Matt Gade, Deseret News
BOUNTIFUL — A bright yellow metal tube sitting in a parking lot at 70 S. 500 West is getting a lot of attention, and that’s the whole idea.
The emergency shelter is a reminder to everyone about the importance of having a household emergency plan, such as 72-hour kits, extra food and water, and other supplies in case disaster strikes.
"You're perfectly safe," said Emergency Essentials store manager Dawn Kaufman. "It's 100 percent self-contained, so (there's) water (and) power. It's all here ready to go for you."
The shelter, built by California company Atlas, is on display as part of National Preparedness Month, also known as Preptember.
The emergency shelter's main entrance hatch is often located directly under part of someone’s house or in the backyard so they can access it quickly and easily in case of an emergency, Kaufman said.
"The principle is to be underground," she said. "The hole that they dig is 20 feet deep, so the only thing that shows is two little air vents."
Entrance to the shelter is gained by climbing down a tunnel. A heavy steel door that is locked from the inside keeps the space secure. Once inside, the shelter resembles an RV, Kaufman said.
“We have four bunks. Each bunk has storage underneath, so there’s room for everybody’s things, and there’s storage on top,” she said.
The floor in the main living area has openings so people can store all of their supplies.
“They will hold several 55-gallon barrels of water,” Kaufman said. “You can run those down the length (of the floor), and along the sides, you can put all your food storage.”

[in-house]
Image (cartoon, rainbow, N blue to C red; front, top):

The bright yellow behemoth also has a leather couch, entertainment center, refrigerator, full kitchen, a shower and a toilet.
There’s also a place for battery banks for times when someone may need to be off the grid.
The bedroom in the back of the unit also has a nuclear, biological and chemical air filtration system.
And for the times when it’s impossible for someone to get out the way they came in, there’s an emergency escape hatch.
Shelters such as the one on display at Emergency Essentials are fairly common in Midwest tornado areas and among members of survivalist groups. They range in price between $35,000 and $85,000. They can come fully furnished or empty so the buyer can furnish it the way they want.
Kaufman said the shelters have other uses too, such as a getaway in the mountains or wilderness.
"We have a lot of guys come in and say, ‘This would be a great man cave. I need this for hunting,'" she said.
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